A Kinder, Gentler Harvey Is on Display at A.D. Players

Patty Tuel Bailey and David Matranga in Harvey.
Patty Tuel Bailey and David Matranga in Harvey. Photo by Jeff McMorrough/Courtesy of A. D. Players

Patty Tuel Bailey and David Matranga in Harvey.
Photo by Jeff McMorrough/Courtesy of A. D. Players

It's a bit of a jolt to drive down Westheimer and spy A.D. Players' ultra-bright LED marquee. There, right in front of you, is the name HARVEY! It takes only a nanosecond to realize that the classic storm isn't being forecast or commemorated, but that the sign advertises Mary Chase's classic Pulitzer Prize-winner Harvey (1944). You know, the comedy with the imaginary rabbit. Even without the unfortunate associations to Houston's recent natural disaster, A.D. Players can't quite float this boat.

Stuffed with whimsy, Chase's comedy arrived during the waning but still dire days of WW II. It boosted morale, no doubt about it, was an immediate smash, and played for more than four years. Jimmy Stewart, back from distinguished service in the Air Force, joined the Broadway cast in 1947 for a limited summer run and again during the next summer. His stage portrayal earned him the screen role when the play was filmed in 1950, giving Stewart an Academy Award nomination for Best Actor. Josephine Hull, who played sister Veta onstage, won the Oscar for Best Supporting Actress.

The play creaks at times and is a trifle musty, but it has an uplifting message of being true to yourself, even if you're an alcoholic, fun-loving, terribly decent person. It seems Elwood P. Dowd does nothing in his life but bar-hop. He hangs out with numerous old friends and incessantly makes new ones. He's the embodiment of the human spirit. His best friend in the world is the “pooka” Harvey, a six-foot-tall white rabbit who can foretell the future, stop time and perform mischievous pranks. Elwood and Harvey are inseparable, which causes grief for sister Veta and niece Myrtle Mae, whose budding love life is forever stalled by absentee boyfriends who think her uncle is crazy. When Veta attempts to commit Elwood to a psychiatric home, she is the one the doctors think is insane.

The whole idea is a bit twee and underwritten, and isn't helped at all by the rudderless direction from Julia Traber, who has no idea how to stage such magical realism. There's not much charm in evidence. Nor much of a fleet touch. Scenes that require deft handling get trounced by broad playing (young Myrtle would never flop on the divan), while the broad physical comedy gets tamped down or is poorly executed. The expert actors do the best they can without a stylistic guidebook, so it's up to Kevin Michael Dean, as Elwood, and Patty Tuel Bailey, as frustrated sister Veta, to carry the play. They are stevedores. Even ace scenic designer Ryan McGettigan gets stumped with his lumbering Victorian house that is so out of period it looks repurposed. The set change to the sanatorium, which happens behind a scrim as the built pieces are turned around, takes forever. The lightness of being has no meaning here.

In his old-fashioned cardigan, argyle socks and red bow tie, Dean plays Elwood as saintly fool, an eternal innocent, of which Chase would heartily approve since her fantasy has traces of medieval mystery play. He alone brings a light touch to the proceedings, blithely unaware of the crises surrounding the household. When concerns get too close for comfort, he embraces the challenge with guileless aplomb. He's the sanest of them all. Bailey, who has seen Harvey but has never revealed the news, gives Veta a down-home quality that warmly augments the comedy. When she gets a call from the society editor of the newspaper, she stops and adjusts her girdle before answering the phone. Comic touches like this are few and far between.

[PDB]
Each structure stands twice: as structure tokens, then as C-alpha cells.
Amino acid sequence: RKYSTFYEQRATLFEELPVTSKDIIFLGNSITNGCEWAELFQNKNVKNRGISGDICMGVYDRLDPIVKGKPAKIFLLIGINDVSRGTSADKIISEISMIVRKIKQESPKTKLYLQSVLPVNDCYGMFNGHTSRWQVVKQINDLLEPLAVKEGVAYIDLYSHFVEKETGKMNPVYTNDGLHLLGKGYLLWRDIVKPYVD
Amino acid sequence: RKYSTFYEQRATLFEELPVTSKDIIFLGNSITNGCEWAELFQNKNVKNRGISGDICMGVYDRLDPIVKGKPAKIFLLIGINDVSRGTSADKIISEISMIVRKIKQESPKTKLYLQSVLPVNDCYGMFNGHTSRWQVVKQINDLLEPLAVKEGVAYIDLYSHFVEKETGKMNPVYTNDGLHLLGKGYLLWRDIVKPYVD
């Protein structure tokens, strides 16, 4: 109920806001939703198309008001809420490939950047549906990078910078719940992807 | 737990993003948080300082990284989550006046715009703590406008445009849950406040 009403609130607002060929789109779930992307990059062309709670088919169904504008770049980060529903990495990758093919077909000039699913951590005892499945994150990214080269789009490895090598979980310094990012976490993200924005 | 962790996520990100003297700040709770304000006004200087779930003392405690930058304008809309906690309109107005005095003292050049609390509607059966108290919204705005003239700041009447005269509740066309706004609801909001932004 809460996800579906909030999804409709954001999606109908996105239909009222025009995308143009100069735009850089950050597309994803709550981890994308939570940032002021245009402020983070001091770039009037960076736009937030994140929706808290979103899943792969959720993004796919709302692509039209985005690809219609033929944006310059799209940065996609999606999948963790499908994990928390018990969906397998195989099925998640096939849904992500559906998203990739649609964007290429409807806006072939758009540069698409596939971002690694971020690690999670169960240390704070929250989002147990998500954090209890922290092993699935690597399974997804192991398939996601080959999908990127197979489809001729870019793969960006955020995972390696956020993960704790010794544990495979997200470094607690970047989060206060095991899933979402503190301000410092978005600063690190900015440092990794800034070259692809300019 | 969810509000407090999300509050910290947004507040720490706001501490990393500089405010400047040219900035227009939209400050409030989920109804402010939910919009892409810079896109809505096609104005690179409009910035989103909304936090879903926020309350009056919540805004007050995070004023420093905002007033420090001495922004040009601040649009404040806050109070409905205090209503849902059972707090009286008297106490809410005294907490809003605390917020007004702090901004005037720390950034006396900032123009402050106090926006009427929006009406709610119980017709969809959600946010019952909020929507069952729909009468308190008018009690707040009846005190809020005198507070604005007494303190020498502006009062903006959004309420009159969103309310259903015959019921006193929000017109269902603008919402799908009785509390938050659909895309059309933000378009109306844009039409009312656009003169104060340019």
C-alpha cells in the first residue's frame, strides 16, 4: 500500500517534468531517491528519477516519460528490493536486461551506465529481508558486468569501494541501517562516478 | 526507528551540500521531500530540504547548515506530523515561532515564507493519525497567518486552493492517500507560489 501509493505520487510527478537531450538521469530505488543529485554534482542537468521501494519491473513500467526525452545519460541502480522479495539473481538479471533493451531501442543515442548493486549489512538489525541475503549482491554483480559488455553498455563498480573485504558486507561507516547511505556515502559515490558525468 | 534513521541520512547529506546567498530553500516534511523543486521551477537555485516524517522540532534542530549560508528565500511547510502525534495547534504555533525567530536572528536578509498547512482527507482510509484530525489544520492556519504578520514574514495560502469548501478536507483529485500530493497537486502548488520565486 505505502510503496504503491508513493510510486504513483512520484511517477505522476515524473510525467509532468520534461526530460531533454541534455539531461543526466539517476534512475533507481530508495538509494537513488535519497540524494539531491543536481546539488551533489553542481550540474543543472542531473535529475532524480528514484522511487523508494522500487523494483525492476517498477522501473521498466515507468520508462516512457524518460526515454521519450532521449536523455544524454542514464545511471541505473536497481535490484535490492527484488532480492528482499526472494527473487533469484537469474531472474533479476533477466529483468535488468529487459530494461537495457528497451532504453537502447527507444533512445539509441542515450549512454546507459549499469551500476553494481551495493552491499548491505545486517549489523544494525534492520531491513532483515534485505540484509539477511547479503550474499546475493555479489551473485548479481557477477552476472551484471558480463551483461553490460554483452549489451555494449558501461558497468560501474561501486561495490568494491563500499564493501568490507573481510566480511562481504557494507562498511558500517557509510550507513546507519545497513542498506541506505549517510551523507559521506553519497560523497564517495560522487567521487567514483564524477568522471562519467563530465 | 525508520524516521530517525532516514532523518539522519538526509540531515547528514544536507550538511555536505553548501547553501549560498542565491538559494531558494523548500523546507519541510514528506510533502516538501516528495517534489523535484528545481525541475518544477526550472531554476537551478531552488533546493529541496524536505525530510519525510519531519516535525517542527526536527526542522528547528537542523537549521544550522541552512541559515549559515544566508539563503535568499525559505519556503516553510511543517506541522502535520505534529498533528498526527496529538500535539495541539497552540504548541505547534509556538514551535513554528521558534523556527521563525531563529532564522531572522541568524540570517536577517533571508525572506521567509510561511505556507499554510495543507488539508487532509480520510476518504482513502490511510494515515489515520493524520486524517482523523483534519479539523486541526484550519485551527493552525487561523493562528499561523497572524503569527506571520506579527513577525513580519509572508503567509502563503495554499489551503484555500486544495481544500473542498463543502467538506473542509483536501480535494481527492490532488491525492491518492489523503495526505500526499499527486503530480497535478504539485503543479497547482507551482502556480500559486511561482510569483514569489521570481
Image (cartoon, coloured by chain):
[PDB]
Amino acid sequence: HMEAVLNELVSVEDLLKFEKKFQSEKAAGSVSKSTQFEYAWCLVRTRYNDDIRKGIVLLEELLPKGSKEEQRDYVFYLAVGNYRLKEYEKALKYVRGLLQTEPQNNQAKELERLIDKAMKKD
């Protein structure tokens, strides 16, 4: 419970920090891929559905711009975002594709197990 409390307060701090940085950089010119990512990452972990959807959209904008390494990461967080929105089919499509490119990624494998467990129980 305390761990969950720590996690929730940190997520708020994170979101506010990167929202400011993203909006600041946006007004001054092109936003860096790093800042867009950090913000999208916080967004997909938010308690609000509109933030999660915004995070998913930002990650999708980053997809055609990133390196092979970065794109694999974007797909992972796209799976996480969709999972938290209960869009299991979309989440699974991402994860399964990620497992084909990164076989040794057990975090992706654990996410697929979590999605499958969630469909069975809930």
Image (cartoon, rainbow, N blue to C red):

Wishing for an escape from his humdrum life, Dr. Chumley (Craig Griffin) sees Harvey as a way out. If he cures Elwood of his delusions, then Harvey will be his. Oh, if he could stop time, where would he go? To a maple grove for two weeks in Akron, Ohio, where a young maid would listen to pleas from his heart that he's never told anyone. This profound and quiet moment slaps us back to reality. Ah, the dreams we dream when nobody's listening. It's a beatific moment that encapsulates everything Harvey and Harvey represent. If only this production would be so blessed.

To help the victims of that other Harvey, A.D. Players will donate 20 percent of the play's proceeds to disaster relief. All first responders and anyone who was flooded can attend for free. Reason enough to go.

Harvey continues at 7:30 p.m. Thursdays, Fridays and Saturdays; 2 p.m. Sundays and September 30. Through October 1. Jeannette and L.M. George Theater, 5420 Westheimer. For information, call 713-526-2721 or visit $15 to $70.

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D.L. Groover has contributed to countless reputable publications including the Houston Press since 2003. His theater criticism has earned him a national award from the Association of Alternative Newsmedia (AAN) as well as three statewide Lone Star Press Awards for the same. He's co-author of the irreverent appreciation, Skeletons from the Opera Closet (St. Martin's Press), now in its fourth printing.
Contact: D. L. Groover